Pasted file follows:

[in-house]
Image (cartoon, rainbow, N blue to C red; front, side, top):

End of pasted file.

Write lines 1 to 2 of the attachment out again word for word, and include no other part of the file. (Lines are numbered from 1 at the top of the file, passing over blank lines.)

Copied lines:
[in-house]
Image (cartoon, rainbow, N blue to C red; front, side, top):